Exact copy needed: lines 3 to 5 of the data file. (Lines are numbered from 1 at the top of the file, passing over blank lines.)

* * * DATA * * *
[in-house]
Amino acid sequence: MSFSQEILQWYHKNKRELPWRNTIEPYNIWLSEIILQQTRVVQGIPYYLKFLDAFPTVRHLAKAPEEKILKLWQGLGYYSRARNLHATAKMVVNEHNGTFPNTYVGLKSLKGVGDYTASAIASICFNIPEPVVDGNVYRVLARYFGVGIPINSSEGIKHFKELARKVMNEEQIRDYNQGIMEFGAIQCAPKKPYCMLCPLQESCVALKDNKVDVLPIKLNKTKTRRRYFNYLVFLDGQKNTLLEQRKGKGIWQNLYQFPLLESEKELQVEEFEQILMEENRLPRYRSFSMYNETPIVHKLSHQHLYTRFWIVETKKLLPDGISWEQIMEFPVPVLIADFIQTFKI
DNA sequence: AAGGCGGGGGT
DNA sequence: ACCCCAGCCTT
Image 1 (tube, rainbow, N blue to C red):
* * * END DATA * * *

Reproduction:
DNA sequence: AAGGCGGGGGT
DNA sequence: ACCCCAGCCTT
Image 1 (tube, rainbow, N blue to C red):